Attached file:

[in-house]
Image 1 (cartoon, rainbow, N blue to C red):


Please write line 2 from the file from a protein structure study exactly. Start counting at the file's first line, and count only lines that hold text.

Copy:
Image 1 (cartoon, rainbow, N blue to C red):